Five Steps to A Chemical Free School

August 2008
When we think about what it takes to raise a child to become a healthy adult, many things come to mind - including love, nourishment and a good education. However even the most loving parent might not think of establishing a sanctuary for their children to protect them from toxic chemicals that can interfere with the natural growth of their central nervous and endocrine systems, and other aspects of their body’s development.
A common example of how a child can react detrimentally to toxic chemicals at school is when they are given solvent-based markers in art class. Petrochemically-based solvents are very neurotoxic and can cause loss of concentration, hyperactivity, aggression and more. Imagine what happens to a child’s performance if their art class is followed by math? Less obvious examples of unhealthy air in schools caused by synthetic chemicals include exposure to pesticides, cleaning chemicals or simply from an inadequate air exchange.
Establishing a school sanctuary is a true gift in an age when thousands of inadequately tested chemicals are in cleaning, construction and other products. I urge you to work with your school system to provide a healthy environment for all students. You can manage this aspiration in an easy, step-by-step way. The process is very pragmatic. I was part of a group that successfully accomplished a healthy school in the district my daughter attended, so I know that you can do it, too. Many schools are actually very receptive to establishing a healthy school and welcome the initiative.
Step One: If your school doesn’t already have one, work with the superintendant to establish a Health & Safety Committee. Invite representatives from parents, faculty, building and grounds, and the administration. I found that a committee of about eight was a great size. If your district or private school already has such a committee, ask to join and explain your purpose. One caveat is to understand that the most successful results happen with a pragmatic approach such as described in the following steps.
Step Two: Map out the areas affecting indoor air quality that you want to address. At the very least  I recommend that you investigate 1) the state of the school’s heating/cooling/air exchange, 2)cleaning products and methods, 3) pest control methods, 4)art and science supplies, and 5)building and remodeling plans.
Step Three: Carefully prioritize which of the above areas you want to start first. When making your choices, be sure to consider the school’s plans for renovating, the season, and other health priorities. For example, schools could polyurethane the gym floor in the summer when the school is empty instead of the fall.  If it is spring, you could help facilitate the timing of this maintenance activity. During the winter, schools start making plans for lawn maintenance, and you will want to be part of the decision-making process about the use of herbicides.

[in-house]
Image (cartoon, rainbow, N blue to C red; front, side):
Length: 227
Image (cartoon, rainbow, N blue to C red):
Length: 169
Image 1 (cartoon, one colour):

Also, look into any health concerns and complaints that may already exist. For example, in my daughter’s grade school, many parents and even the nurse were concerned that the children were sick too often. We prioritized investigating the air quality in the school building. Low and behold, we discovered that during the energy crises in the 1970s the school district plugged up the air exchange that had been designed to be part of the heating system! The air quality was terrible, and the committee’s investigative results were quickly recognized by the district as needing immediate attention.
Step Four: For each area you have chosen, the committee’s job is to research products and practices that provide the safest, healthiest, efficacious and economical recommendations. Make sure that these recommendations fit the school’s product procurement requirements and abilities.  This step is especially important for cleaning products. Make sure you know the state laws and requirements. If the school has construction and renovation plans, make sure that the architects and builders present to the committee. If you aren’t assured of the environmental health choices try to develop a budget for a consultant who can help in that area.
Step Five: Once the healthiest products and practice recommendations have been approved, help make them policy. For example, if the committee researches Integrated Pest Management and the school decides to proceed with such a pest control method, make sure that all of the details about how, why and the approval process are on record.
My participation in my school district’s Health & Safety Committee was one of the most gratifying activities of my life. To know that my daughter’s school was as healthy as it could be gave me great peace of mind. Knowing that all of the other children in the school district also benefited gave me an increased feeling of joy.
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